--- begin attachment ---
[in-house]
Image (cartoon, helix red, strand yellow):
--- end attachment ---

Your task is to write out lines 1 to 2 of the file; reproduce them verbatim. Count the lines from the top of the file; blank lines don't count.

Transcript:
[in-house]
Image (cartoon, helix red, strand yellow):